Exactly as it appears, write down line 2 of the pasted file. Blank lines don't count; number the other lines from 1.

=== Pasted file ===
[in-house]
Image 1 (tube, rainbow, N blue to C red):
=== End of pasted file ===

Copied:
Image 1 (tube, rainbow, N blue to C red):